Michelle Bachmann and Rick Perry may be going head to head for the first time in Waterloo, Iowa tonight, but at London’s Waterloo Tube Station Monday morning, commuters couldn’t read enough about their showdown 4,000 miles away.
News of the Ames straw poll and Perry’s South Carolina campaign announcement have flooded British papers for days now. Readers seemed much more interested in how Bachmann matches up with 2008 Vice Presidential nominee Sarah Palin than Member of Parliament Harriet Harman’s accusations that Tory budget cuts caused the riots, or why her colleague Hazel Blears didn’t appear to remember that young hoodlums weren’t in school because it is summer vacation. Likewise, Perry’s colorful stances on Texas secession and the death penalty trumped German Chancellor Angela Merkel’s backbiting at French President Nicolas Sarkozy.
Perry’s announcement and the funnel cake served at the Ames Straw Poll led the Sunday Telegraph’s international section, ahead of the drought in Somalia and the Syrian government’s suppression of Arab Spring protests. The Sunday Times spent more inches on Perry’s guns and Bachmann being “The Queen of Rage” than fresh allegations that the man whose death at the hands of police sparked the riots, Mark Duggan, had pulled a gun before he was shot. Oddly enough, most papers referenced Waterloo to the Abba song over Britain’s historic victory over Napoleon.
It’s fascinating to watch Britain’s fascination with American politics. And to answer the question I’ve most often been asked by Londoners in the last two days: No, Michele Bachmann is not going to be the next President of the United States. Don’t get me wrong, she’s in a good spot and may yet win down the road, but there’s about a million steps between now and Iowa caucuses, let alone the general election.
The Ames straw poll consists of 16,000 hardcore Iowan Republican voters. There’s not even a guarantee that they are Iowan, frankly. And if you’re really devious, you can probably vote more than once. Voters are as lured by the free food and music politicians dish up than they are swayed by fiscal or social policy. The results are about as reliable as an online poll, which is to say: interesting but more an indication of momentum than actual organization or support.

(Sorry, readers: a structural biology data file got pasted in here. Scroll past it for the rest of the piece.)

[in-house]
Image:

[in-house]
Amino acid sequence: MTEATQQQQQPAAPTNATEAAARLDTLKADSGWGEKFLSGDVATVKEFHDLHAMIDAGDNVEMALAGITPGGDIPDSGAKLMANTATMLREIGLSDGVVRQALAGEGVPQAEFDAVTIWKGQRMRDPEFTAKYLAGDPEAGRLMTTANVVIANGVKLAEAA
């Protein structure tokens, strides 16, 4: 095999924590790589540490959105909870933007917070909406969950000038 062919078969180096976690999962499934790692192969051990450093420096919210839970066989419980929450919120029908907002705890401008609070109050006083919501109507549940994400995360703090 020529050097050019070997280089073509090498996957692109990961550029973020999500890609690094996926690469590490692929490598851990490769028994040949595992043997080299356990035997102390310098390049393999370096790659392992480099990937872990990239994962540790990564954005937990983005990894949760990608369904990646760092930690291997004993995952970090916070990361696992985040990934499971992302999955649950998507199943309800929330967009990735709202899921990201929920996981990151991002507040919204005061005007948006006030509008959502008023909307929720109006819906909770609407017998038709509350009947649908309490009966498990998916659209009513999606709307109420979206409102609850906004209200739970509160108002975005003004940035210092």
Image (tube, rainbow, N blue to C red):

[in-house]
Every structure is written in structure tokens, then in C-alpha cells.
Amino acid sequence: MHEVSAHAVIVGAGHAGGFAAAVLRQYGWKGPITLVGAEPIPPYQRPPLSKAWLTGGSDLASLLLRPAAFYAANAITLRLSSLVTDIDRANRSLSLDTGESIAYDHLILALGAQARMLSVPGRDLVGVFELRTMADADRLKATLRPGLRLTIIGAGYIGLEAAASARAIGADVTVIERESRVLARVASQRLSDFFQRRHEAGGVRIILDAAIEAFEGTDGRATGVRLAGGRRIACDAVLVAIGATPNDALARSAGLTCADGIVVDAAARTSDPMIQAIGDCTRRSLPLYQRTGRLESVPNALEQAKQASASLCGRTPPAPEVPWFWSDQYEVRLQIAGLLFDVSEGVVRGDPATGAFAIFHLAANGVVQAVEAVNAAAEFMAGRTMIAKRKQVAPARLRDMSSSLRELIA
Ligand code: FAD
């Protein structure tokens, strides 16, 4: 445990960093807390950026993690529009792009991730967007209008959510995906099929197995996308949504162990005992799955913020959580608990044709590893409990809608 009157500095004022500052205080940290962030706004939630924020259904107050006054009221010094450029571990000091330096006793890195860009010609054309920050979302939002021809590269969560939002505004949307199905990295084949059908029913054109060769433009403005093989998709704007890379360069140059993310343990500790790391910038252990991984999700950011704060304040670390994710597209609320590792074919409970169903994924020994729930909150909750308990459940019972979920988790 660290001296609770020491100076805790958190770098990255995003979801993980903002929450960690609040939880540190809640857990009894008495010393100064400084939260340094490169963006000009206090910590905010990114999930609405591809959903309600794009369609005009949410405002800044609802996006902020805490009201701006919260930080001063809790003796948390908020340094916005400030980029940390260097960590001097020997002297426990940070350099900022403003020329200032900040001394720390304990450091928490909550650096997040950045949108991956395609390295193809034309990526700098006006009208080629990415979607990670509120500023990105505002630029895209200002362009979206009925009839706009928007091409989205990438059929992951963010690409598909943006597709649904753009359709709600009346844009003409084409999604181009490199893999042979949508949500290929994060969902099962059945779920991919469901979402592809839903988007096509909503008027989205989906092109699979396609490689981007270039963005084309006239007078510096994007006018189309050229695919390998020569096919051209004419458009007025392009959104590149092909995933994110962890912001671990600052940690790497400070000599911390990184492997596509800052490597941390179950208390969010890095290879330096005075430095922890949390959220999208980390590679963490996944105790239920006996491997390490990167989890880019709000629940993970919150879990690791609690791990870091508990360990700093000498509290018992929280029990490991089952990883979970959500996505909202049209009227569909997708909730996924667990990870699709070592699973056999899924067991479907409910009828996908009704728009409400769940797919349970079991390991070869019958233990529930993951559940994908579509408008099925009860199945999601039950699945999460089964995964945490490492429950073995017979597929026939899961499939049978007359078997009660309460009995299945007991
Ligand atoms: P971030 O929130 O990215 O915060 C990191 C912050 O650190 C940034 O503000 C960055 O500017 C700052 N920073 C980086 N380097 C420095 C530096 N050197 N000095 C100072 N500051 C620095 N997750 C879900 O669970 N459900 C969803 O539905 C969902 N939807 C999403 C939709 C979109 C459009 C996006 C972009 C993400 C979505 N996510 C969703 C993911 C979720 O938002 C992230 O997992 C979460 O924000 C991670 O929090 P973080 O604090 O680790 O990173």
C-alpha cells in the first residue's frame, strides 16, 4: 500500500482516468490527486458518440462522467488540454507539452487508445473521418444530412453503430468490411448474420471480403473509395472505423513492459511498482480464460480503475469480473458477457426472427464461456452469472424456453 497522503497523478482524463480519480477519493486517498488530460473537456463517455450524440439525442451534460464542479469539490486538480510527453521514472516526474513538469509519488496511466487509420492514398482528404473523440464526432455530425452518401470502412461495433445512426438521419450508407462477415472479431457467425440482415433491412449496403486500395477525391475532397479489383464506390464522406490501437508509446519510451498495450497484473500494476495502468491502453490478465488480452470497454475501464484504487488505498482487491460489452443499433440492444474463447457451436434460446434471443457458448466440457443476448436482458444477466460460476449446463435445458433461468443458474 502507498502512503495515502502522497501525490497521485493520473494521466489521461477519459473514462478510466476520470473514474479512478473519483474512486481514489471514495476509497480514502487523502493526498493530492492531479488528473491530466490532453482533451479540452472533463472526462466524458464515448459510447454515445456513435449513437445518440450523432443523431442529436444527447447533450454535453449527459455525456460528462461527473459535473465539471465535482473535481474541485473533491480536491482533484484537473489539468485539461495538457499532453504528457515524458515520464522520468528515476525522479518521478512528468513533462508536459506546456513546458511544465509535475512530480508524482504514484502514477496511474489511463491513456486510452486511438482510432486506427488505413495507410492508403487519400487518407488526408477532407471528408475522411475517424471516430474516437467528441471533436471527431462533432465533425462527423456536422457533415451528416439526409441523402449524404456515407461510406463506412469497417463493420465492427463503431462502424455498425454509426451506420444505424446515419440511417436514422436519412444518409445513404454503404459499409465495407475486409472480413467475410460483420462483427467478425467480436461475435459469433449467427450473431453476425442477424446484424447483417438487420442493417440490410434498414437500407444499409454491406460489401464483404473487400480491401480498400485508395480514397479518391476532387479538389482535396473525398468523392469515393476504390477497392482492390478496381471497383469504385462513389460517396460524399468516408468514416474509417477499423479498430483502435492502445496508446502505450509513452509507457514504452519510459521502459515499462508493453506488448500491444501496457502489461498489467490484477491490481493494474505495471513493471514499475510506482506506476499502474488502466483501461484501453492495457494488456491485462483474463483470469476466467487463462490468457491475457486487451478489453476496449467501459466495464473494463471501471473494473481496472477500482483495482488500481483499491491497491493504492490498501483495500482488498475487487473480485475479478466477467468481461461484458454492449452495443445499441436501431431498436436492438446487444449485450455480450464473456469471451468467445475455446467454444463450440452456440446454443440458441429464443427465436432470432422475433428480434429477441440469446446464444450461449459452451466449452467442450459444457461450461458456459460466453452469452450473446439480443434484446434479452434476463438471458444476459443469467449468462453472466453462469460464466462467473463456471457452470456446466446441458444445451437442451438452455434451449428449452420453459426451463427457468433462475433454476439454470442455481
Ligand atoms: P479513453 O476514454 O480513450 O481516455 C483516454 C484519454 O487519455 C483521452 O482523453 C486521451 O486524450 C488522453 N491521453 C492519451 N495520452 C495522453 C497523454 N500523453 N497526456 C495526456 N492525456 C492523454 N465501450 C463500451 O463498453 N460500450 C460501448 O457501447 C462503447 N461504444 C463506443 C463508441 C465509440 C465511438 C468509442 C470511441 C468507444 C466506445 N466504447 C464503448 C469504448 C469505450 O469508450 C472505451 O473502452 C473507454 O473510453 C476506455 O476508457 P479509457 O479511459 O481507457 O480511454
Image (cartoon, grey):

Across the pond, there is a clear British interest in the impending U.S. presidential campaign that transcends an interest simply in whom will set American policy affecting Europe. At the 2007 Ames straw poll I only noticed two British reporters. Judging by the bylines on and off air, this year there were a dozen. I was shocked Memorial Day weekend when the Times of London invested not one but two reporters to dog Sarah Palin’s week-long road trip up the east coast.
Some of the coverage is clearly appalled: the photos of Bachmann that the Times and the Guardian chose to run rivaled Newsweek’s recent cover for flattering. The Independent went a step further “sounding an alarm” at “the prospect of the arch-conservative Republican representative from Minnesota, Michele Bachmann, winning her party’s nomination to run for President.” American allies who were deeply troubled when George W. Bush was elected to a second term welcomed Barack Obama with open arms. Watching these presidential primaries, many among the Fleet Street set worry America could be turning right – and away from them – again.
But, let’s not get ahead of ourselves. Bachmann is by no means a shoo-in. And Perry’s entry on Saturday may not round out the field. Sarah Palin is still toying with a run and a dark horse may get emerge. And, after all that, Obama, though weakened by the economy and his handling of the debt crisis, still has the power of the incumbency. No challenger can rival the visual power of Marine One landing in the outfield of a minor league baseball stadium and the President strutting up to a microphone on the pitcher’s mound — as Bush often did in 2004. We’re a long way away from President Bachmann, so don’t hyperventilate just yet.